Changing of the Guard

My dad e-mailed me about a week back with a piece by the always clever Jonah Goldberg, who was ridiculing the work of Les Moonves, who has moved CBS Evening News to a new, "hipper" format:

As many of you know, I like to keep my finger on the pulse of those who keep their fingers on the pulse of those who occassionally monitor what young people think. And, based upon my exhaustive research I can tell you one thing I am sure of. Les Moonves is a frick'n genius. The CBS News chief is changing the "antiquated" format of the CBS Evening News with a multi-city, multi-anchor deal (or, "dealio" as the kids today call it). He believes that young viewers don't like the "voice of God" approach of one anchor.

He is so right. Why, I cannot begin to tell you how many times I've overheard i-Pod listening hipsters and hep-cats say, "You know, Tré, it's really too bad the broadcast news programs are so obsessed with the mono-anchor paradigm. If only they would shed that antedeluvian format for something more dynamic and multi-tasking I would eschew MTV cribs and the WB fare for some hard news about the deficit and social security reform reported from different locales."

I like Goldberg, but he's dead wrong. Moonves' move may or may not pan out, but even if it fails, it is absolutely a step in the right direction for CBS. Here's why:

1. CBS's snafu this fall about Bush's National Guard record nails home pretty clearly that you aren't allowed to mess up at all when it comes to news. Someone will call you on it, and you will take a major hit, and whoever the main anchor is takes a lot of the blame for it. Why? Rather didn't write the news, he's just the talent. He sits behind the desk and reads what's on the teleprompter and in his notes. He segues in and out of commercials. He connects with his audience. That's what he's always been paid to do, and he's good at it. Why should we be mad at him if the news he reads to us happens to be utterly wrong? But we do get angry, because he was the one who said it, and we believed it, and we were fooled. Look at CNN or FoxNews. This situation could never have happened to them, because we don't connect their news with each individual nearly as much.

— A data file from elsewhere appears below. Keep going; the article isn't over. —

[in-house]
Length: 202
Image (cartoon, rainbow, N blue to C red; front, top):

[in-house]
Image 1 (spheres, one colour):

2. In fact, CNN and FoxNews are really what have created this situation for CBS. Both have created a new kind of news cast: two rolling text bars combined with graphics, along with the newscaster's head poking out amidst the mess. People can turn in for a few minutes, catch up on what's happening in the world, then switch it off. They can catch ESPN for their sports update. The evening news program, as it is, slowly becomes antiquated. Yet people still tune in to such broadcasts as Jon Stewart's Daily Show, so there's still a call for news shows. But they need to be updated, and CBS Evening News hasn't really been updated since Rather took the position. It's been a distant third for 20 years. Not good for "TV's Most Watched Network."

3. The iPod-wearing teenager is not their market - yet. Eventually, those damn kids with their loud music and stupid clothes will become young adults who were raised on MTV and the WB. They'll be used to flash and glitter in all their TV viewing habits. They won't watch anything else. It's just about an ideal time to be launching such a move: Gen X-ers now range from about ages 25 or 30 to 40 or 45, depending on who you ask. Funny how that sneaks up on you, huh? Gen X is still vaguelly synonymous with the youth market, but the fact is that they've all entered the workforce, 50 million strong, and they don't watch MTV anymore. They actually watch news programs. But not CBS Evening News. Why should they? Research has proved one thing absolutely clear: what worked for the Baby Boom generation will not work for Gen X. Shows aimed at Baby Boomers have no spillover into Gen X. But even if changing the format does not draw them back in, and they're already lost: the Millennial generation, 75 million strong, is just now entering entering the work force. And it's entirely possible that the first news show to embrace the idea of flashier graphics, faster cuts, and less of that "voice of God" factor will be the one that captures that audience.

I mean, it's CBS Evening News. What could they possibly have to lose?